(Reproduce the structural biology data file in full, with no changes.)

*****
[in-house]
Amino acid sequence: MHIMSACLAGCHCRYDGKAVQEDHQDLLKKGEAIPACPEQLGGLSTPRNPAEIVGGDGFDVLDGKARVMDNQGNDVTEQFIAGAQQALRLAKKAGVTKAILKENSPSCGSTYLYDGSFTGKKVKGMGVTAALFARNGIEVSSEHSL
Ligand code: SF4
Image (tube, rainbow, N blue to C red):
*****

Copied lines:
[in-house]
Amino acid sequence: MHIMSACLAGCHCRYDGKAVQEDHQDLLKKGEAIPACPEQLGGLSTPRNPAEIVGGDGFDVLDGKARVMDNQGNDVTEQFIAGAQQALRLAKKAGVTKAILKENSPSCGSTYLYDGSFTGKKVKGMGVTAALFARNGIEVSSEHSL
Ligand code: SF4
Image (tube, rainbow, N blue to C red):